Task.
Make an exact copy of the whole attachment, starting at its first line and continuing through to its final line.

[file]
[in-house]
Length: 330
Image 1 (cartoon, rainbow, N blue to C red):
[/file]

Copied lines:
[in-house]
Length: 330
Image 1 (cartoon, rainbow, N blue to C red):